Launched in 2002, Envisat was the largest Earth Observation spacecraft ever built. It carried ten sophisticated optical and radar instruments to provide continuous observation and monitoring of Earth's land, atmosphere, oceans and ice caps.
Envisat data collectively provide a wealth of information on the workings of the Earth system, including insights into factors contributing to climate change.
Its largest single instrument was the Advanced Synthetic Aperture Radar (ASAR). Operating at C-band, it ensured continuity of data after ERS-2. The radar featured enhanced capability in terms of coverage, range of incidence angles, polarisation and modes of operation. The improvements allowed radar beam elevation steerage and the selection of different swaths, 100 or 400 km wide.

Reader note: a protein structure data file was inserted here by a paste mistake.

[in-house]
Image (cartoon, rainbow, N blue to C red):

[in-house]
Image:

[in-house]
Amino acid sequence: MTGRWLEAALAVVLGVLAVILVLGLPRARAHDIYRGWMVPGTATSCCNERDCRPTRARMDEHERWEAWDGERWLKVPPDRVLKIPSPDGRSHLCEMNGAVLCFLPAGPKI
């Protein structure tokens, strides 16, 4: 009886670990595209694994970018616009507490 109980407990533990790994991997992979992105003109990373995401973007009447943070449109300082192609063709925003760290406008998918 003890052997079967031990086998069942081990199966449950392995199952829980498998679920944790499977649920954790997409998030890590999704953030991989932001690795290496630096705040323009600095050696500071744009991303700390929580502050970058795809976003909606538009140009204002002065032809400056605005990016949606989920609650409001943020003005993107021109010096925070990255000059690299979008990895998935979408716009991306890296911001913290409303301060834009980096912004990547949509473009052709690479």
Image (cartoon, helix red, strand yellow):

The Medium Resolution Imaging Spectrometer (MERIS) was a imaging spectrometer that measured the solar radiation reflected by Earth at a ground spatial resolution of 300 m, with 15 spectral bands in visible and near infra-red and programmable in width and position. MERIS allowed global coverage of Earth every three days.
The primary mission of MERIS was the measurement of sea colour in oceans and coastal areas. Knowledge of sea colour can be converted into a measurement of chlorophyll pigment concentration, suspended sediment concentration and aerosol loads over marine areas. It is also used for land and atmospheric monitoring.
In April 2012, contact with Envisat was suddenly lost and the mission came to an end. But ten years of Envisat’s archived data continues to be exploited for studying our planet.
Last update: 9 January 2013